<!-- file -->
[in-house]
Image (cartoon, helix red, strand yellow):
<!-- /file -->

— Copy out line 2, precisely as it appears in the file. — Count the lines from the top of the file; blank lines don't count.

Image (cartoon, helix red, strand yellow):